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Building Brex 3.0, March 2024

headshot photo of Pedro Franceschi

Pedro Franceschi

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Mar 15, 2024, 7 min read

Mar 15, 2024

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7 min read

Last week I sent this note to our team sharing my learnings from the first six weeks of Brex 3.0, our new operating model designed to increase the intensity and quality of our execution.

Team,

This week marks our 7th week into Brex 3.0. I wanted to take some time to share my thoughts on how Brex 3.0 is serving us, and my learnings thus far. While it’s still premature to see the impact in metrics, the early signs are inspiring, both from a cultural and a work quality standpoint. Personally, I’m at my highest level of energy in many years, and enjoying a day-to-day back in the weeds, building and scaling our product closer to customers and teams on the ground.

When we rolled out Brex 3.0, I told LT and our board that my mental model was simple: imagine a new management came into Brex, and all past decisions were questioned, with no regard for previous management. What would they do differently? And then do these things ourselves.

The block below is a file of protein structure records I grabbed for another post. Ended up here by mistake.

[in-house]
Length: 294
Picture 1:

How we build product

As a technology company, the first thing to revisit was how we build software. In Brex 2.0, many teams worked on many products, shipped many things, measured a lot of metrics. But as time passed, I didn’t feel our product experience improving as a customer. A few months ago, I decided to run the financial operations of a small Brex subsidiary through our product, and got to experience the joys and pains of using Brex as an admin. The experience was eye-opening.

Make no mistake: we made tremendous progress serving larger customers over the past 24 months. Every month more large companies (including public ones) adopt Brex, and our investments in global financial infrastructure over the past six years made us the best and only modern solution for global teams across 50+ countries. Our readiness to scale is why customers of all sizes choose Brex. But at the same time, our product became harder to use for smaller companies. Features only relevant to enterprise customers creeped into my small subsidiary, and different parts of the product felt like disconnected experiences. We shipped our org chart more often than not, which was an inevitable outcome of how we used to build products. Each team worked towards so many initiatives that it became borderline impossible to review everything that shipped, let alone make sure it all worked together cohesively as a single product experience.

We changed this model with Brex 3.0. We killed our planning process, and now have One Roadmap for the entire company. I am the ultimate editor of everything that ships. We release 4 times a year, and each release has no more than 3 big themes. This forces me to choose what truly matters, allowing us to make a large, company-affecting investment in the few things that are step-function changes to the customer experience, and drop everything else. Our Winter release was the first example with Bill Pay, and I’m excited about how the Spring and Summer releases currently in the works will simplify the customer experience on Brex.